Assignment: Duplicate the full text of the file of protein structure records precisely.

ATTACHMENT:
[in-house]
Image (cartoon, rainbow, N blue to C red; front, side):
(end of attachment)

[in-house]
Image (cartoon, rainbow, N blue to C red; front, side):